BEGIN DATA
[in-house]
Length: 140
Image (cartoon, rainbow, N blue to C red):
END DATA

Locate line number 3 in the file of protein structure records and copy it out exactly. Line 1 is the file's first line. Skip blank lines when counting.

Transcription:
Image (cartoon, rainbow, N blue to C red):